We hope that you have an effective lead management system in place and a solid strategy down; however, we recognize that we’re all human and mistakes can be made. As marketers, we are constantly tasked with showing how each of our initiatives contributes to the bottom line and, without an effective lead management system in place, this can be a challenge.
Let’s take a look at some of the ways lead management can go wrong from the early stages of customer prospecting, all the way through to a sales-ready lead.
1. Ignoring Any Traditional or Digital Channels7 Ways Lead Management Can Go Wrong
Today’s marketing landscape offers a blend of offline and online channels, presenting an opportunity (and a challenge) to gather leads through several channels. A MarketingSherpa Benchmark Report shows offline channels like tradeshows, direct mail, and print advertisements are nearly as effective and as commonly used by marketers as online channels such as email, social media, SEO, and webinars. This shows that valuable leads could be coming from any angle and ignoring any channel, offline or online, could mean the loss of a potential lead.
2. Quantity over Quality
While having mass amounts of leads coming in is a good sign for business, lead quality should always be prioritized over the amount of leads coming in. One high-quality lead is better than five anonymous or phony leads. After all, poor leads will likely waste sales reps’ time, slowing down the overall sales process.
3. Poor/Lead Scoring/Qualification
In order to ensure quality leads are being generated, a well-planned and executed lead scoring process needs to be put in place. Poor lead scoring or no lead scoring process at all will result in a disjointed relationship between marketing and sales. By assigning scores to leads, an organization will have an understanding of which leads are ready to be passed to sales, or which leads need to spend more time in the marketing cycle to be further nurtured.
4. Not Analyzing Data Properly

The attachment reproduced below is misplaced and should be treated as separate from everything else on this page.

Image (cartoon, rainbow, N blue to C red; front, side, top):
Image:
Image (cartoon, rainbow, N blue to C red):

Alongside having an effective lead scoring process in place, marketers need to make sure they’re properly analyzing data. Failure to analyze data properly and communicate through customers’ preferred channels or deliver the right message at the appropriate time in the sales cycle will run the risk of alienating prospective buyers. By identifying the most popular channels and matching individual customers with preferred channels, marketers can more effectively nurture leads and save valuable dollars by only sending relevant messages through the right channels.
5. Not Properly Aligning Marketing with Sales7 Ways Lead Management Can Go Wrong
The lead management process relies on a solid working relationship between sales and marketing. Without properly aligning marketing with sales, leads that are brought in may not reflect exactly what the sales team is looking for, or vice versa. To make sure the marketing department is delivering sales-ready leads, the two departments should take the time to establish an “ideal customer profile” which creates an ideal figurative profile of a sales-ready lead.
6. Letting Leads Fall by the Wayside/Not Responding Quickly
Once a lead has been identified, it’s essential to not only respond, but to respond a short-time after the lead has been received. Data from the Harvard Business Review shows just how fast generated leads can go cold; in fact, firms that contacted prospects within an hour of receiving a query were nearly seven times as likely to qualify the lead as those that waited even an hour later. Further, those companies that contacted leads within the hour are an astonishing 60 times more likely to qualify the lead as compared to companies that waited more than 24 hours.
7. Unclean Data
The lead management database needs to be cleansed; unclean (inaccurate) customer data can have an impact on conversion rates and can ultimately result in lost marketing dollars, especially if expensive campaigns like direct mailings are being sent to inaccurate addresses. Updated, clean data will ensure the sales and marketing departments are performing their duties with success, targeting and messaging existing customers or prospects through the appropriate channels.
As already stated, the convergence of offline and online channels presents both opportunities and challenges for successful lead management strategies. Successful marketers orchestrate online and offline channels to generate quality leads that are highly qualified and scored in way that is coherent to meet sales teams’ objectives, with the quickest follow-up possible.
How do you ensure your lead management is working efficiently? What metrics are in place to measure and optimize the efficiency of your lead management strategy?
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